Athens, 10 October 2021 (MIA) — North Macedonia’s first obstacle to EU membership was the Greek veto; then it was France’s calling for a new methodology; and now it’s the Bulgarian blockade, so people are wondering “if maybe Bulgaria is not alone in this” and if maybe the more powerful countries don’t want the Western Balkans joining the EU, President Stevo Pendarovski told Greek newspaper Kathimerini in an interview published in its Sunday edition.
But as long as the country is not making progress toward the European Union, nationalist forces will keep gaining ground and people may start looking for an alternative to the EU, President Pendarovski says.
He also comments on the entire region’s progress toward the bloc, saying that Bosnia and Herzegovina has been forgotten and that Serbia and Montenegro are proving to be a litmus test for European integration – their negotiations dragging on for years as opposed to Croatia, which joined the EU only seven years after it started talks.
“Europeans rarely take a common stance on many things,” he tells the Greek daily. “Because of this discrepancy, over the past year the support for European integration in my country has decreased by some 20 percent, from 85 percent down to almost 65-67 percent.”
Regarding harmful propaganda in the region, Pendarovski says North Macedonia “has felt it especially since 2018 and the name referendum,” when claims surfaced overnight that “you should not become a member of NATO”, “you should not become a member of the EU.”
“The NATO alliance helped us with this issue,” Pendarovski says. “In September 2018, Pentagon experts came to Skopje, together with former Secretary of Defense James Mattis, to help us deal with this malicious influence. In general, non-regional players have led all this political propaganda through their regional representatives.”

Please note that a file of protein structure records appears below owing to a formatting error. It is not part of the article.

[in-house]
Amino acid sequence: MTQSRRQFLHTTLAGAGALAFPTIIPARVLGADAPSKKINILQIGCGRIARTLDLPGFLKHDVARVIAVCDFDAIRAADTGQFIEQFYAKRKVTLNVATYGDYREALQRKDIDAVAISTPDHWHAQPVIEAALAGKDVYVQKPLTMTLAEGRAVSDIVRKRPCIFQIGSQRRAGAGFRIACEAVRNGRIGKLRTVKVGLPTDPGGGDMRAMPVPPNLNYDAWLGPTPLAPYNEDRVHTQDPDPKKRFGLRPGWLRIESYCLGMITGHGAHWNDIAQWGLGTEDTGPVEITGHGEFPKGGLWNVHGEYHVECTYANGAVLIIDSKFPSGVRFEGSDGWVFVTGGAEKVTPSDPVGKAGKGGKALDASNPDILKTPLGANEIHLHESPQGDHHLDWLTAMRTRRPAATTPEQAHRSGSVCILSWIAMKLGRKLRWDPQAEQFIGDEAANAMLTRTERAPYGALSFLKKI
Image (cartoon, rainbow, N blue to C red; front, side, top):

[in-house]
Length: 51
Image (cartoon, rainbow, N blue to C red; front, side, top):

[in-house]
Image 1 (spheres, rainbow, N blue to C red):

Regarding the Greek role in North Macedonia’s bid for EU membership, he says that after being the main obstacle to the country’s European integration for 25 years, Greece has turned into “our most vocal supporter.”
Talking about the Prespa Agreement, Pendarovski says that Matthew Nimetz, who mediated the name dispute between the countries, wasn’t too optimistic the two sides would find a solution during his lifetime. But the international community, and Washington in particular, helped resolve the issue as well as the courage to make difficult decisions.
“In my opinion, what played a key role in reaching the agreement was the political courage of both leaders,” the President says. “Everyone knows that when you make such delicate and sensitive agreements, you don’t gain political points.”
“The prime ministers of both countries, but also the international community, were very active, especially Washington. There was a triangle of success: Athens, Skopje and Washington,” he points out.
In response to a question about the contribution of Brussels in the dispute, he says the EU is a heterogeneous organization, adding that even the Interim Accord had been reached under pressure from the United States.
Acknowledging that some resistance to the Prespa Agreement still persists in both countries, Pendarovski says the treaty was especially hard for North Macedonia because it had to change its name and Constitution, which wasn’t the case with Greece.
Asked if the opposition would abide by the treaty should it come to power, the President says he thinks it should and it would, because he cannot imagine them giving up on the country’s NATO and EU membership. mr/